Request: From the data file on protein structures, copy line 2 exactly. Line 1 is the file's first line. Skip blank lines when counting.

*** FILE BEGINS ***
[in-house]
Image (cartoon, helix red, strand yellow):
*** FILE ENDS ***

Image (cartoon, helix red, strand yellow):